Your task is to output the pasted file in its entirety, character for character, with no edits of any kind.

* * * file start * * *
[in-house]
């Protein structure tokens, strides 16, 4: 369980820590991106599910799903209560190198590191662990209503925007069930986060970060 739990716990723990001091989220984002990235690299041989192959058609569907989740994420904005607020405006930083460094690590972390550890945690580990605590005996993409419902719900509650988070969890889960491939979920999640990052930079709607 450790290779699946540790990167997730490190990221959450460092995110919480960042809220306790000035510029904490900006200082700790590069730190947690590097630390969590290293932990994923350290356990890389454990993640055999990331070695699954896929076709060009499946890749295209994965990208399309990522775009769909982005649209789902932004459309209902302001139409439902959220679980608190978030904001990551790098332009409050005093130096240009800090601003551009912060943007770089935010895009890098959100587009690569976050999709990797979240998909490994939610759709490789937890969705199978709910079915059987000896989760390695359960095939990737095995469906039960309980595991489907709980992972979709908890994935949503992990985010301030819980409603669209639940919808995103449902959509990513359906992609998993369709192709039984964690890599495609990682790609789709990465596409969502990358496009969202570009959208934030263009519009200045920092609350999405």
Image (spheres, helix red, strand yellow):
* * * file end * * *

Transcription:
[in-house]
């Protein structure tokens, strides 16, 4: 369980820590991106599910799903209560190198590191662990209503925007069930986060970060 739990716990723990001091989220984002990235690299041989192959058609569907989740994420904005607020405006930083460094690590972390550890945690580990605590005996993409419902719900509650988070969890889960491939979920999640990052930079709607 450790290779699946540790990167997730490190990221959450460092995110919480960042809220306790000035510029904490900006200082700790590069730190947690590097630390969590290293932990994923350290356990890389454990993640055999990331070695699954896929076709060009499946890749295209994965990208399309990522775009769909982005649209789902932004459309209902302001139409439902959220679980608190978030904001990551790098332009409050005093130096240009800090601003551009912060943007770089935010895009890098959100587009690569976050999709990797979240998909490994939610759709490789937890969705199978709910079915059987000896989760390695359960095939990737095995469906039960309980595991489907709980992972979709908890994935949503992990985010301030819980409603669209639940919808995103449902959509990513359906992609998993369709192709039984964690890599495609990682790609789709990465596409969502990358496009969202570009959208934030263009519009200045920092609350999405």
Image (spheres, helix red, strand yellow):